Challenge 3: Usability and Site Redesign

Challenge 3 of the Ironhack pre course work was to jump in the shoes of a world traveler, choose a user type to interview and redesign a travel app based on my findings. For this assignment I chose an Elder couple who wants to see The Colosseum in Rome, Italy, one of the New Wonders of the World, now that they are retired. They have flexibility in their travel plans and their budget and don’t want to have to make too may decisions on their own.

My first step was to research the Colosseum and to determine the following:

Nearest airport: Rome Fiumicino which is 23 km away.

Currency exchange: Italy uses the Euro which is currently exchanging at $1.17. Travelers may purchase Euros in advance at their local bank or exchange them while abroad which may incur higher fees.

Medical needs: Currently Americans may travel for 90 days without a visa in Italy as long as they have a valid passport (pre Covid of course!) The CDC recommends having Hepatitis A, B, polio, rabies, meningitis, measles, mumps and rubella, TDAP, chickenpox, shingles, pneumonia and influenza vaccines before traveling.

Wardrobe recommendations: Italy is a temperate country with 4 seasons similar to California. Depending on the time of year, layers and comfortable walking shoes are recommended.

Days needed to visit attraction: The Colosseum itself can be seen in a day although the city of Rome has many additional fascinating sites to be explored. As the flight is long and the time change is 6 hours ahead of the East Coast time zone, it is recommended to stay at least 10 days to get acclimated and enjoy what the country has to offer.

Once my research was established I downloaded 4 travel apps to my phone- TripAdivsor, Hopper, Skyscanner and Kayak. I set about creating a list of interview questions targeting an older user keeping in mind Nielsen’s Principles of Usability Heuristics. Essentially I applied a list of values to the apps to determine which one performed better for my user. We tested the apps and determined that TripAdvisor was the app most likely to help them book such an intensive trip. Based on our research, the other 3 apps did not have the capability to design a trip of this magnitude all in one easily defined space.

Since all of the apps had the same functions and capabilities of finding a flight, booking a hotel and renting a car I decided to focus on the “Trips” function of the TripAdvisor app. This tool allows the user to compile all aspects of their trip in one place. In order to access the trip the user had to create a profile (which was daunting to my user) so I created an Ironack mock trip so they could navigate through the various search options. The first issue we came across was that the Colosseum wasn’t a searchable destination popup. I decided to make that my landmark and create a flow from there. Next I created sub searches based on the type of trip we were trying to create. Once the location, date, hotel and flight were selected, I created a Special Services checkbox menu where specific needs could be selected and added to the trip. I also added an option to speak with an agent in case the user became too frustrated and needed to speak with a live person. I found this added a sense of security for the older user as they could always reach for back up if needed.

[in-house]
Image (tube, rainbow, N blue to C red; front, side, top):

I wanted to create a clearly defined space where my user could easily see every detail of their trip based on the criteria given. Namely:

  1. Budget
  2. Housing
  3. Transportation
  4. Schedule
  5. Special Services

Next I quickly sketched out what I needed to add to the preexisting app to have it function better for a more mature user. I then created wireframes comparing the existing structure and my new design.

Once the destination is determined, the app shows the user the best hotel and flight options based on the location, which I upgraded from just being a basic, broad search option.
As the user selects their destination, flights, hotel and other desireables they begin to display on the app in an approachable and easy to read manner. I also created a Special Services drop down menu to include additional options for the user.

During this exercise I really honed in on how different users can be. I found that having a more mature traveler really changed the nature of my design. I also found it difficult to dictate all the thoughts I had from my brainstorming sketch to the wireframes and can see how some concepts may have been lost in translation.

Ux/Ui Designer in training